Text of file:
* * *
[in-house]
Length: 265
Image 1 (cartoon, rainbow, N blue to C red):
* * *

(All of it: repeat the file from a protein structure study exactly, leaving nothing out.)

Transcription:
[in-house]
Length: 265
Image 1 (cartoon, rainbow, N blue to C red):